Differences of Early Readers & Chapter Books


What’s the Difference Between Early Readers and Chapter Books?  annika riz cover A previous post discussed the difference between chapter books and middle grade novels. Here, we go the other direction–that of early readers to chapter books. Graciously sharing her thoughts on the topic is author Claudia Mills. She writes both genres of books, and her work has been honored as ALA Notable Books of the Year. See her full profile following this post.

I treat “early reader” and “easy reader” as interchangeable terms. As I categorize them, these are very short texts for newly independent readers. The texts vary in length, but are seldom much longer than 1,000 words, and a premium is put on readability.

gus grandpa coverThe chief device employed to enhance readability is the breaking of the lines on the page with only a few words (perhaps 4–6 words) on each line, giving the visual appearance of poetry; this way emerging readers only need to try to grasp a few words at a time. Paragraph breaks are marked by a space in the text rather than by indentation. Controlled vocabulary is often employed, as well as repetition of words and phrases. Among my favorite examples here are the Frog and Toad books of Arnold Lobel and the Henry and Mudge books of Cynthia Rylant. My own Gus and Grandpa series falls in this category as well. Easy readers usually have full-color throughout with illustrations on every page.

There is a significant leap from easy/early readers to chapter books. Word count springs from 1,000 or so words to 10,000, 15,000 or more. My own chapter books in the Franklin School Friends series are around 15,000 words each. Now we see black and white illustrations, often one per chapter, or perhaps more frequent spot illustrations, oliver coverbut seldom do we find art on every page. The chief way that readability is ensured is by keeping paragraphs short. If I see a text with paragraphs routinely extending more than 6 or 7 lines, I say to myself, “This is a middle-grade novel and not a chapter book.” My favorite examples here are the Clementine books of Sara Pennypacker and the Lulu books of Hilary McKay, as well as my own 7 x 9 = Trouble! and How Oliver Olson Changed the World. But of course, there are longer easy readers and shorter chapter books, so the boundaries can be blurred.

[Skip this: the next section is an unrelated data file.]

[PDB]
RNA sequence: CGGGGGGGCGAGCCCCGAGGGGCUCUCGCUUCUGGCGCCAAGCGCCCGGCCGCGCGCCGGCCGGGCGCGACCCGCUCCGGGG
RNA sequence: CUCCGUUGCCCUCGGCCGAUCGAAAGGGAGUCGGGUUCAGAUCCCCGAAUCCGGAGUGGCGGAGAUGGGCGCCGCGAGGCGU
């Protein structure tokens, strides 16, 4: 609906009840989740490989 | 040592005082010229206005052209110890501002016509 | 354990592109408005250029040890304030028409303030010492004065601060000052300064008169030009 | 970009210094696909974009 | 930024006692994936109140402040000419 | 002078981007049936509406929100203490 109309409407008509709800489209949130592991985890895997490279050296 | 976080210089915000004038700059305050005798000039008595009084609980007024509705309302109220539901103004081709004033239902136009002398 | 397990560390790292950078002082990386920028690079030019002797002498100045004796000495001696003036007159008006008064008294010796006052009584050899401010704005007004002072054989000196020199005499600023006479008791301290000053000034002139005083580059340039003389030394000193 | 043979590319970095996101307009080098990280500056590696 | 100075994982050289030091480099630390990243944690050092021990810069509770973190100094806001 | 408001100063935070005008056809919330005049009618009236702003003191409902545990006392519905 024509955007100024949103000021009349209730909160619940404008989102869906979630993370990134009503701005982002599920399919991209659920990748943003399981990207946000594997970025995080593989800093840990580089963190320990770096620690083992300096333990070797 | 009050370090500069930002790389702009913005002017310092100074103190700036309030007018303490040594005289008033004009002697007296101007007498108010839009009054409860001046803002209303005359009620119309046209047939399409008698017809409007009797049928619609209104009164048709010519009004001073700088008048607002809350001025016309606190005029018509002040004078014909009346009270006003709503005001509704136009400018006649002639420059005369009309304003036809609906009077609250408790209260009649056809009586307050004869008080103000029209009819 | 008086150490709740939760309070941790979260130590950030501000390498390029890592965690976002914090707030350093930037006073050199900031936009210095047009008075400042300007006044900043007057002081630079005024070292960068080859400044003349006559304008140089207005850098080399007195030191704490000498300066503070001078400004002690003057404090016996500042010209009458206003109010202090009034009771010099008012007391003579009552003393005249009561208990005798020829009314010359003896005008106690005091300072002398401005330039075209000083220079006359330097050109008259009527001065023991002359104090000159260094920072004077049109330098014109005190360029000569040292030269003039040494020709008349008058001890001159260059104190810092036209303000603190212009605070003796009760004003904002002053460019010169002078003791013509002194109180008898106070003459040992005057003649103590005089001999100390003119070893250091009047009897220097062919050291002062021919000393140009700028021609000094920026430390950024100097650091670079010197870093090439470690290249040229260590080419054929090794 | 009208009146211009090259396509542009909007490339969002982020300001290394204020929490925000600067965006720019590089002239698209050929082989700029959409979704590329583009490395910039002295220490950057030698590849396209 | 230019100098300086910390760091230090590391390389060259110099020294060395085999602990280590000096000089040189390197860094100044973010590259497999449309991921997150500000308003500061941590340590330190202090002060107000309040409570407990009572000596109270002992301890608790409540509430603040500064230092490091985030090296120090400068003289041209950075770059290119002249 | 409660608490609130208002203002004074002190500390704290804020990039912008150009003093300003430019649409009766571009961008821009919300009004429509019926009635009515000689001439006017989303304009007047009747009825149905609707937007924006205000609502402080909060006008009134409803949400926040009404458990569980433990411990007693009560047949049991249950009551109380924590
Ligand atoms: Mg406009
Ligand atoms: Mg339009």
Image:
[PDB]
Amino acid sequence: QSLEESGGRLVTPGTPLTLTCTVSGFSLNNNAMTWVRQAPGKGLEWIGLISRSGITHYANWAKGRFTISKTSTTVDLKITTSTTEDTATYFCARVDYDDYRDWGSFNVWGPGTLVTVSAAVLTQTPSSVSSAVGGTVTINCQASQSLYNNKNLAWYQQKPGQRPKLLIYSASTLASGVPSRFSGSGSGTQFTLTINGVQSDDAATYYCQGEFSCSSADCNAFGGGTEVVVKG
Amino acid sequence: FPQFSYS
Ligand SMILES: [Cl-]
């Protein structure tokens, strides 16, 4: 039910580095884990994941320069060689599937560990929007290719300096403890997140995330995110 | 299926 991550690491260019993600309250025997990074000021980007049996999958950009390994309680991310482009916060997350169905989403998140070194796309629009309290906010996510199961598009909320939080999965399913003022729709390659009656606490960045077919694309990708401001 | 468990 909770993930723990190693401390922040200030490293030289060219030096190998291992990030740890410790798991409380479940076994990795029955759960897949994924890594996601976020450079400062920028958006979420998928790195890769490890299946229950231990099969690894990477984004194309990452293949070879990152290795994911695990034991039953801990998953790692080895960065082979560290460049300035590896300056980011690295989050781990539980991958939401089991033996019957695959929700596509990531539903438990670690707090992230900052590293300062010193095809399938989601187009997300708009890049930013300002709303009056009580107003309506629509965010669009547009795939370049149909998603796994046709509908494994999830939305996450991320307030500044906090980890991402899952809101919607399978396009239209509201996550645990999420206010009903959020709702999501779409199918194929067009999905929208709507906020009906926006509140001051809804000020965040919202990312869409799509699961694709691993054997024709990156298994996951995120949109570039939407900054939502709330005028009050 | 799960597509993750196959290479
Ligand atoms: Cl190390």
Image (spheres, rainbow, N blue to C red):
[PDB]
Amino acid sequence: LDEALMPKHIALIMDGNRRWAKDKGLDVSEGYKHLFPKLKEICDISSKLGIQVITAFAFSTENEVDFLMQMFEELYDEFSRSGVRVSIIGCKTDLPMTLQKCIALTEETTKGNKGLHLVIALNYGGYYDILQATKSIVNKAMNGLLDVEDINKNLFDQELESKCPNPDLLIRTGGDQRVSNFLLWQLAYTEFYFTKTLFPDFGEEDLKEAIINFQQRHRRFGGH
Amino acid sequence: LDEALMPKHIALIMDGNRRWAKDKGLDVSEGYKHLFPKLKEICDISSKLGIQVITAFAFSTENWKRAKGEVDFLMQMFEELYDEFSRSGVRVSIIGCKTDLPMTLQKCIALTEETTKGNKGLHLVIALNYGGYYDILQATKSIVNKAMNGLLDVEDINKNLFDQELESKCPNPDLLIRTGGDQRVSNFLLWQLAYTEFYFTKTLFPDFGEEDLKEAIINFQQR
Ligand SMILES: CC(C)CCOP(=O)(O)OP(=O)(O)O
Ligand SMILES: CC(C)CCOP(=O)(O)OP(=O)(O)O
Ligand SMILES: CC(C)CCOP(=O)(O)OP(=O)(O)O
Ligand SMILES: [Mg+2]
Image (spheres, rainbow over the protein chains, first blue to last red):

Chapter books are now my favorite kind of book to write. I see them as having much of the range and complexity of middle-grade novels, but with brisker, peppier pacing, and a certain sweetness that middle-grade fiction often lacks. They often deal with smaller problems resolved in a shorter time frame. They are written on a child’s scale with those sparkling details that are true to a third grader’s perception of the world.   Fractions_Jkt_ver2a(2)

Profile: Claudia Mills is the author of 50 books for young readers, including picture books (Ziggy’s Blue-Ribbon Day), easyKELSEY-GREEN-cover-2 readers (the ten books of the Gus and Grandpa series), chapter books (Kelsey Green, Reading Queen, Fractions = Trouble!), and middle-grade novels (Zero Tolerance, One Square Inch). Her books have been named ALA Notable Books of the Year, Blue Ribbon Books from the Center for Children’s Books, and translated into many languages. Dr. Mills, who Zero-Tolerance-Coverholds a Ph.D. in philosophy from Princeton University, is also an Associate Professor of Philosophy at the University of Colorado at Boulder, where she specializes in ethics and political philosophy, as well as publishing many articles on ethical and philosophical themes in children’s literature.

Juicy Clementine



By Sara Pennypacker, Illustrated by Marla Frazee

Published by: Disney-Hyperion (September 12, 2006)

Available in: hardcover, paperback, audiobook CD, audible audio edition, Kindle, NOOK

At the time of this review there were six books in the Clementine series.



Clementine satisfies with a burst of deliciousness: character, tone, action, plot and goofy adorability. This is a grown-up Junie B. (yes, just a year or two, but still) without the annoying, obnoxious bits. It reads as fresh, original and worthy of the term ‘classic,’ even if it is a few years shy of ten.

And knowing boys will most likely not read this (there is a girl on the cover) seems a real shame. If they could get over the girl factor, they’d love it because the appeal is universal. There are misunderstandings of what adults think, say and do. There is the given that what adults know is often not the truth. And there is a very evil (but really not) principal. Elementary A+ in content.

The humor is past funny to sublime: Clementine’s younger brother is referred to each time with a different vegetable name (because he wasn’t named a fruit, of course), and there is a running haircut episode that builds comedy and drama to the max. It must be a rite of childhood for little girls to accidentally give themselves or their friends a bad, disastrous cut. In Clementine, the cut goes on for pages, with artful additions.

The artwork itself is rich and lustrous, with its deep black a compliment to the easy lines of the black and white drawings. There is a pigeons-flying-away illustration that will blow your socks (or bangs) off.

Clementine is perfectly ripe for the chapter book set.

What do you say teachers, parents and writers? Use the comment below and let’s chat….